That was more than a month ago. The new dealership’s service manager was supposed to get back to me with information on how to proceed. He did not. I have tried calling him but we’re never able to connect. I’ve left messages but never receive a callback. I can only speculate that after researching my car’s problems he decided that his dealership should not take on the work. I could just show up at the new dealership. Would this elicit the reaction I desire? A renewed interest in fixing my car’s issues? If I don’t force the issue how will I ever get my car fixed? Is there a fix? How do I get the damage caused by the original dealer’s service department fixed? How do you fix a smell? All questions I’d love an answer to.

Toyota Corporate
Throughout this ordeal I’ve contacted Toyota’s 800 number. The 800 number was actually my first resource for the Entune radio issue and I have turned to it for advice on the roof issue. The response has always been the same. A generic apology and the suggestion that I bring the car back to the dealership I purchased the car from for service. Unfortunately the advisers never seem to be able to understand the roof issue. Following the service visit on June 21, 2012 I located a phone number for Toyota’s regional office. I tried to explain my experience at Dorschel Toyota. I never made it past reception. The woman that answered the phone insisted that I call the 800 number. When I voiced my concerns that the 800 number did nothing more than open a report and direct me back to the dealership I was having problems with, she responded by saying this was the process. Not knowing what else to do I continued as instructed. During my last discussion with an adviser at the 800 number, a call which followed the third service visit at Dorschel Toyota, I informed them that I did not feel as though I should return to Dorschel Toyota for service. I explained that I did not have confidence in their ability to repair my vehicle and how they had caused a lot of damage to the interior of my car. The service adviser had difficulty locating service records for my vehicle (just as the alternate dealership would) but authorized me to take the car to a different dealership.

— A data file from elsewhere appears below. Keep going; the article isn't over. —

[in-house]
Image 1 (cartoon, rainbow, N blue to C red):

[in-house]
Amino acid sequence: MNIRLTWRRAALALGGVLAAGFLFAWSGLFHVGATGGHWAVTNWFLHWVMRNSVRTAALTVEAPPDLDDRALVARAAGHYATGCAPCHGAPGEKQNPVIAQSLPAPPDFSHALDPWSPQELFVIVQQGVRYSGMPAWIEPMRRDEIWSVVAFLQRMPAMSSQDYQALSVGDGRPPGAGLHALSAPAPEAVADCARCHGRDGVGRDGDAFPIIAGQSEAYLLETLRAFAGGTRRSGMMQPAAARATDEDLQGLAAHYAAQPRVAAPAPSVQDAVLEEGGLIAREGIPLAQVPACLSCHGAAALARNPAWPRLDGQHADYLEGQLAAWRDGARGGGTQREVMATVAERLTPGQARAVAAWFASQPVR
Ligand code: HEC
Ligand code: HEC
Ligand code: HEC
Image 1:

I would describe Toyota’s involvement in my situation as completely ineffective to the point of negligence. At no point have they shown a genuine desire to resolve my problems. I’ve even tried engaging Toyota Corporate on Twitter, as a last resort. After an aggressive tweet Toyota finally responded. “Our apologies again Chris. The invite to discuss direct with Corp is always available. 800-331-4331 ^GT.” I followed up explaining my situation—how the 800 number was no help—but I never received another response. Forever ignored. At this point I have no idea how to resolve the situation. No one cares. Certainly not Toyota Corporate. This blog post might just be my last hope. If anyone at Toyota reads this; PLEASE HELP ME!

Service History

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19 Responses to My 2012 Toyota Camry is a Lemon and Toyota Won’t Help

  1. I have a 2011 Camry LE I haven’t had any problems so far. I wanted a SE with a sunroof & was considering to trade it in. Thank you guys. I really hope y’all find a solution.

  2. Wow I have a 2013 Camry SE,and ive been very happy with it,i feel really bad for your situation,i would have them REPLACE the headliner,and give me a NEW STEREO UNIT,my Toyota dealer is not the best either,every time I have warranty work done,i never get a receipt to have a paper trail in the event of future problems ALWAYS GET A DOCUMENTED SERVICE DEPT RECEIPT